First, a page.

Scouring themselves with whipcord in memory of Christ's Passion about one dozen Spanish penitents went in procession on Good Friday (March 31) towards the village of San Vicente de Sonsierra in the north of Spain, near Logrona.
GV Procession towards village
SV People carrying statues & cross
SV PAN Black virgin statue to woman following with feet chained
SV Statues in procession
SV Penitent kneels before statue of Christ (3 shots)
SV People watching
SV Penitent beating back (3 shots)
SV Penitent leads procession, still beating self (5 shots)
SCU Back being pricked with glass (2 shots)
TV Penitents flogging as procession continues (2 shots)
Initials SGM/1718 SGM/1736
This film carries actuality sound of the chantin, flagellation, crowd accompanying the procession.
Script is copyright Reuters Limited. All rights reserved
Background: Scouring themselves with whipcord in memory of Christ's Passion about one dozen Spanish penitents went in procession on Good Friday (March 31) towards the village of San Vicente de Sonsierra in the north of Spain, near Logrona.
The procession - in which life-size statues were carried on platforms, as other penitents walked barefoot in chains - was followed by a crowd of devout faithful and awed onlookers.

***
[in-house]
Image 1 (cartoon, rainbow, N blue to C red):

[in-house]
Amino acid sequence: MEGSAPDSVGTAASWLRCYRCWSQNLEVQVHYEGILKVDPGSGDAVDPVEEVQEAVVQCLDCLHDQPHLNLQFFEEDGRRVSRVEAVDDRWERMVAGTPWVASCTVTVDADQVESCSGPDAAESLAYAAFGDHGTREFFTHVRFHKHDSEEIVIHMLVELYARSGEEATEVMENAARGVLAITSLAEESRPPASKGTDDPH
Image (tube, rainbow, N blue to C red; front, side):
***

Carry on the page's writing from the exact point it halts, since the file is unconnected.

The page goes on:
After five minutes' beating, the backs of the penitents are pricked with glass to draw blood. the wounds are later washed in holy water from a nearby hermitage.
First records of this procession appear in the fifteenth century. The tradition of the penitents - known as Picaos - passes from father to son, it is rare for anyone from another village to take part.
Similar penitential rites are used elsewhere is Spain on Good Friday - notably in Seville.
SYNOPSIS: In the north of Spain a Good Friday procession vividly recalls events of Christ's Passion...
Behind a statue of the Virgin Mary penitents in black walk barefoot and in chains along a path known as the Way of the Cross towards their village - San Vicente de Sonsierra.
About a dozen penitents act the most dramatic part of the ritual, baring their backs and beating themselves with bunches of whipcord under the gaze of devout believers and awed onlookers.
The men doing this are following a tradition which goes back at least five-hundred years......
The tradition of acourging themselves in the procession in handed down from father to son in the village. It's rare for outsiders to take any part in it....
When the backs are covered in bruises assistants use glass to break the skin and draw blood. The penitents are then led to a nearby hermitage where their wounds are washed with blessed water...